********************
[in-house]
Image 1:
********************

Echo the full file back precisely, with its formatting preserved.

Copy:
[in-house]
Image 1: